Mindset – The editing mindset is definitely different from the writing mindset, at least for me. I find when I’m writing that I need to be somewhat free of the rules about punctuation, sentence length, Point of View etc., and just write. I have found that when I return the next day and start with what I call a soft edit, when read the last passage and make minor tweaks, I am connected back into the story line and ready to go. If I start with a hard POV, punctuation or wordsmithing edit, I reach the end in the wrong headspace.
Technology – I was introduced to Scrivener early on. And have found it super for organising the work. It means when you go off a particular story line or a character is not stimulating telling their story for you, you can write another scene and still find it again. I don’t think I would have been able to wite without the help of this software or something like it. I know that others have a different experience.
Support – It is hard to be a writer without support, from family, friends, fellow writers. I wish I had found HWC earlier, because I have discovered a community of like-minded people who took me in at once and have already been a huge support. Sometimes support and encouragement doesn’t come from places you would expect it to.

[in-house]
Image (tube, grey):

Representation – If you want to get published rather than self-publish, an Agent is pretty much essential. I have always seen the book as a film, and still do. I realise I have written it somewhat in screenplay format. A distant ambition to make the film, I am told it is nigh on impossible without a good agent. In this I was very fortunate and my agent has supported me through the journey over many months now. Negotiations are not always straightforward and I have found that patience here bears dividends.
The Edit – As we approach the final edit, pre-submission, there are things to let go of. The challenge of allowing your characters to write the book for you is that they all have a point of view and thoughts of their own. I discovered to my horror that this is “Not Allowed!” You can’t have 50 POVs in a book. I am told, so perhaps we have to let go of a few of our babies at the end.
The Website – We must have an Author Website, ready for publishers to visit when the submission lands. This will then become a vehicle for adoring fans 12 to find out more about us, which brings me to the hardest part of all. Creating a website, I found a wonderful illustrator who has brought some of my imagination to life in her images.
Social Media – The thought of publishing every tiny part of my life even to friends on Facebook, has never appealed in any sense, however, it seems that, as an author, this becomes essential. I am now equipped with a brand new Facebook page, a Website, an Instagram and a new author Twitter account. Learning the technology and the various linkages, hashtags, handles is hard enough, risking your privacy and putting yourself out there is another. Generating content that you hope others might find interesting is even trickier.
I thought perhaps I would start here, hence my short introduction for the Newsletter.
Happy writing, Jonathan
“JM Dancer” @authorjmdancer
FROM TRACEY ROBBINS
Who said that?
Quotes from 5 authors, and one other illustrious personage
1. ‘East is east and west is west and never the twain shall meet’.
2. ‘A woman, especially if she have the misfortune of knowing anything, should conceal it as well as she can’.